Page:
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A Behind-The-Scenes Look At How DRM Becomes Law

Cory Doctorow looks at the back room dealing that allowed entertainment companies and electronics companies to craft public policy on digital rights management.

One battle serves as the archetype for the rest: the fight over the VCR.

When Sony created the VCR, film studios were outraged. The studios had a DRM supplier they preferred, a company called Discovision that made non-recordable optical discs. Discovision was the only company authorized to play back movies in your living room. The only way to get a copyrighted work onto a VCR cassette was to record it off the TV, without permission.

In their lawsuit, the studios argued that Sony -- whose Betamax was the canary in this legal coal mine -- was breaking the law by unjustly endangering their revenue from Discovision royalties. Sure, the studios could just sell pre-recorded Betamax tapes, but Betamax was a read-write medium: they could be copied. Moreover, your personal library of Betamax recordings of the Sunday night movie would eat into the market for Discovision discs: why would anyone buy a pre-recorded video cassette when they could amass all the video they needed with a home recorder and a rabbit-ear TV antenna?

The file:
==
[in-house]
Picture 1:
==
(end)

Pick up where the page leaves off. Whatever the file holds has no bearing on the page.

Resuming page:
The Supreme Court threw out these arguments in a 1984 5-4 decision, the "Betamax Decision." This decision held that the VCR was legal because it was "capable of sustaining a substantially non-infringing use." That means that if you make a technology that your customers can use legally, you're not on the hook for the illegal stuff they do.

This principle guided the creation of virtually every piece of IT invented since: the Web, search engines, YouTube, Blogger, Skype, ICQ, AOL, MySpace... You name it, if it's possible to violate copyright with it, the Betamax decision made it legal.

Unfortunately, the Supremes shot the Betamax principle in the gut two years ago, with the Grokster decision. This decision says that a company can be found liable for its customers' bad acts if they can be shown to have "induced" copyright infringement. So, if your company advertises your product for an infringing use, or if it can be shown that you had infringement in mind at the design stage, you can be found liable for your customers' copying. The studios and record labels and broadcasters love this ruling, and they like to think that it's even broader than what the courts set out. For example, Viacom is suing Google for inducing copyright infringement by allowing YouTube users to flag some of their videos as private. Private videos can't be found by Viacom's copyright-enforcement bots, so Viacom says that privacy should be illegal, and that companies that give you the option of privacy should be sued for anything you do behind closed doors.

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